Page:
“Who is going to be the one who takes time off if the school has to shut down because there’s been an outbreak?,” asked said Jennifer Hargreaves, who runs Tellent, an organization that helps professional women find flexible work opportunities. “Who’s going to be the one to finish their days at 3:30 p.m. to pick up the children if we don’t have after-class music or swimming lessons after school anymore?

“Typically, it will be the primary caregiver, the person with a more flexible job or the person with the lower income. We know from the gender pay gap that tends to be women.”

Women may leave their jobs if companies don’t address child care, she says — and the longer mothers are away from the workforce, the harder it is for them to later return.

A July study from the Royal Bank of Canada revealed that the pandemic has pushed women’s participation in the labour force down to its lowest level in three decades.

About 1.5 million Canadian women lost their jobs in the first two months of the pandemic and RBC says women accounted for about 45 per cent of the decline in hours worked over the downturn, but will only make up 35 per cent of the recovery.

READ MORE: Feds probing ways to address COVID-19 impact on women

How fast women’s employment rebounds depends a lot on the reopening of schools and access to child care.

So far many businesses have been tolerant about kids popping up on Zoom or allowing parents to modify hours their hours to be more available to their children, or take impromptu breaks to tend to temper tantrums.

“A lot of employers will say ‘do what you need to do,’ but parents won’t take them up on it because they feel guilty or they don’t have the time to even think of it,” said MacDonald.

The beauty of Camp Twitter, she said, is that it goes beyond simply being lenient or otherwise relying on the discretion of individual managers.

Their kids stay entertained all day with live educational classes and virtual sessions filled with activities like cooking, yoga and music. And parents have access to webinars from psychologists and health experts.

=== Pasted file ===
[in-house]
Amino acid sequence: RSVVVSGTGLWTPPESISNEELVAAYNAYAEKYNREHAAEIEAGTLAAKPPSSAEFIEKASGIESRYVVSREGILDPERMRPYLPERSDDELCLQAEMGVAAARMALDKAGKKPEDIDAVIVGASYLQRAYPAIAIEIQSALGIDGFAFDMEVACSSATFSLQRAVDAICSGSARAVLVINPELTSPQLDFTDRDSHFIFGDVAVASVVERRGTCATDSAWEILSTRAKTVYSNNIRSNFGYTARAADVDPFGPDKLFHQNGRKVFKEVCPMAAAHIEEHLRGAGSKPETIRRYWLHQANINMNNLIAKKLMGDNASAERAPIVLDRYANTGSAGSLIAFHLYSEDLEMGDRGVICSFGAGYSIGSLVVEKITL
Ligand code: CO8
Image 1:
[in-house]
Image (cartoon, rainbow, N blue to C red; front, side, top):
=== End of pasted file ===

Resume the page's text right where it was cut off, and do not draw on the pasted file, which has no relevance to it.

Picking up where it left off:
At the MacDonald’s, Rose gets one-on-one sessions with a teacher helping her learn to read and Grace can mix her love of the wizarding world with lessons on storytelling concepts like setting and character development.

“Harry Potter class was really really fun,” said Grace. “We talked about the books and at the end of the class, we did quizzes on what we learned.”

Meanwhile at Slack Technologies Inc., a San Francisco-based software company that was founded in Vancouver, caregivers have been offered unlimited time off and Canadian staff can receive child care credits.

Parents and soon-to-be-parents also receive six free virtual sessions through a parenting app and are now being offered the chance to work from home permanently.

Slack is trying to remove the expectation that work necessarily happens between 9 and 5, said Robby Kwok, the company’s senior vice-president of people.

“We believe that successfully adapting to remote work is about much more than the tools and technology our employees work on — it’s really about the culture and norms they work with.”

Tellent’s Hargreaves agrees.

She works from 5 a.m. to 8 a.m. on weekdays and all day on Saturdays. While she’s working, her husband takes over the child care responsibilities, which she handles from 8 a.m. and onward most days.

In the past, she tried to parent and complete work simultaneously and said it’s a “recipe for disaster” unless you block separate time for each duty and have a boss that supports your family needs.

“If you can create a culture where that’s acceptable, where your employees can do that and they can feel trusted to get the work done, that’s where employees are really going to thrive.”

Tara Deschamps, The Canadian Press


Like us on Facebook and follow us on Twitter.

Want to support local journalism during the pandemic? Make a donation here.

ChildcareCoronavirus

Get local stories you won't find anywhere else right to your inbox.
Sign up here

Just Posted